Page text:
I both love and hate shopping during the holidays. I admit I do tend to avoid the malls (after the fourth mall shopper crashed into me last year in her frenzy to reach the "clearance" racks, I decided online shopping might be the smarter as well as safer bet). But as far as boutiques, stand-alone brick-and-mortar stores and online stores, no sale is safe from me. However, this attitude is not always healthy for my budget. So this year, I am determined to shop both safely and affordably during the holidays. This year, I resolve to shop for the things on my list and not one item more. This year, I resolve not to shop sales just because they are there. This year, I resolve to resist "great deals" on items I know (down deep in my core) I do not truly need. If you can relate to these resolutions, hopefully these tips will help us both!
Our national holiday spending “forecast”
The National Retail Foundation's annual survey shows that holiday spending is at an all-time high.
- We spent 3.8% more in 2013 than in 2012 (to the tune of $601.8 billion total).
- Our November and December spending last year totaled 19.2% of annual sales.
This is our national spending forecast—what we can expect if we "go with the flow." The good news is, unlike with our local weather forecast, we can change our personal holiday spending forecast if we resolve to do things differently this year!
While it may seem like an oxymoron to attempt to save on holiday spending, experts (like KCL's own Joanie and Heather) say it can be done. Here are tips that will help.
1. Coupon for holiday "varieties" of regular household items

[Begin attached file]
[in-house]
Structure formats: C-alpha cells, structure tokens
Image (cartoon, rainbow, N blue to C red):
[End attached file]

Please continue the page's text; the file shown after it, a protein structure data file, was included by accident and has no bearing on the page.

It’s always nice to have holiday-themed paper goods, towels, candles and other festive items on hand for guests and visiting relatives. The good news with these items is that, unlike strings of lights and mistletoe, if you have extras you still can use them all year long.
Here are some ideas:
- Paper goods: Paper towels, napkins, party plates of various sizes, wrapping paper
- Plastic goods: Festive flatware, plastic cups (go for one-size-fits-all to save), gift bags, ribbons and bows
- Tea lights and candles: So long as you enjoy the scents, you can use these all year.
Note: If you dislike using holiday themed items after the holidays, then opt for holiday solid colors (red, green, blue, white, etc.) so if you have extras to use up, they won't be so noticeable.
2. Consider hosting an in-home sales event to reduce the cost of gifts for everyone
If you have a friend who is an independent sales rep for a popular line of jewelry, accessories, kitchenware, skincare or scrapbooking supplies, consider hosting a pre-holiday party in your home. You’ll save on gifts and so will your friends—and your sales rep friend will make her holiday quota!
As party hostess, you can expect to receive:
- Free hostess gifts
- One-on-one time with the consultant for personalized gift recommendations
- Deeper discounts on your purchases (Discounts typically escalate with higher totals on party purchases.)
Your attendees can expect to receive:
- Attendee free samples